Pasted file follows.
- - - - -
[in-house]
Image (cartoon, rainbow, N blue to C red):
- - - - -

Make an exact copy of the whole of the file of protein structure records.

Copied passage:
[in-house]
Image (cartoon, rainbow, N blue to C red):